Oh it’s you again!

“Charlie MockingBird Parker Backyard Birds Cary NC 081”, by bobistraveling.
URL: http://www.flickr.com/photos/bobistraveling/5446906068/ (accessed on 5 April 2013)

You might have heard of the mockingbirds, but are you able to recognize a mockingbird – maybe a yes. But are you able to differentiate one mockingbird from another – highly unlikely.  The Northern Mockingbirds (Mimus polyglottos) are definitely better than us in this aspect. They are able to identify individual humans in just 60 seconds.

An experiment was conducted in the University of Florida campus. A person would stand still within 1 meter of the nest for 15 seconds, followed by touching or attempting to touch the rim of the nest for 15 seconds. This was repeated by the same person for 4 consecutive days daily. On Day 5, a different person would approach the nest and stood by the same way.

The mockingbirds flushed from the nest at progressively greater distance from Day 1 to Day 4. The number of alarm calls and attacks also increased. The mockingbirds knew that the same intruder came back and increased their response towards this known intruder. However on Day 5, the flush distance, number of alarm calls and attacks reverted back to Day 1 level. They were able to recognize that the Day 5’s intruder was a different person. This is despite the fact that the first intruder came from different directions and wore different clothes daily.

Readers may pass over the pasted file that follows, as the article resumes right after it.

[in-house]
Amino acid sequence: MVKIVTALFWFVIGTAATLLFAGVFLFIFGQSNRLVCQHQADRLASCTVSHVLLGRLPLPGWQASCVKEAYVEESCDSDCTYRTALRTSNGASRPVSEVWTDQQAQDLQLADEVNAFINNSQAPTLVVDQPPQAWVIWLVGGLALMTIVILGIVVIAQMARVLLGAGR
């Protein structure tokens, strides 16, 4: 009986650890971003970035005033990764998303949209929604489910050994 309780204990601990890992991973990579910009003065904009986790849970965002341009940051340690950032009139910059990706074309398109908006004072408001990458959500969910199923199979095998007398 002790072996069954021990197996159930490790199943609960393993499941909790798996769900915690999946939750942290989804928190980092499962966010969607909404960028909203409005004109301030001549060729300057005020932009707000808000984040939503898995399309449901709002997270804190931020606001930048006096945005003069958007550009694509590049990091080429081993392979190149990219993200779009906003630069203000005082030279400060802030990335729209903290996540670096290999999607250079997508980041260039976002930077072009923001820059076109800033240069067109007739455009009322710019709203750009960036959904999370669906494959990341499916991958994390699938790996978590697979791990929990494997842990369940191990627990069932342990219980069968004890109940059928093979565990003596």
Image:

It is rare for animals to be able to recognize individuals across species. An example would be the Sheep (Ovis aries) which responded differently to different feeders after training. It is even rarer in the case of the mockingbirds as the experiment mimicked natural environment.

As defense behavior is costly, the skill of being able to respond accordingly to the level of threat present by the intruder might just be the reason why they are able to survive in the urban environment.

Literatures Cited

Levey et al., 2009. Urban mockingbirds quickly learn to identify individual humans. Proceedings of the National Academy of Science, 106(22): 8959 – 8962

Davis, H. et al., 1997. Wether ewe know me or not: the discrimination of individual humans by sheep. Behavioural Processes, 43: 27-32